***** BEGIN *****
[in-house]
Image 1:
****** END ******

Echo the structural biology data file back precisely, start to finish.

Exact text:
[in-house]
Image 1: